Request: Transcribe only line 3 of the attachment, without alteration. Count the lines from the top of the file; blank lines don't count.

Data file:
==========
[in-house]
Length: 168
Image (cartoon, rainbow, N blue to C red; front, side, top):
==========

Image (cartoon, rainbow, N blue to C red; front, side, top):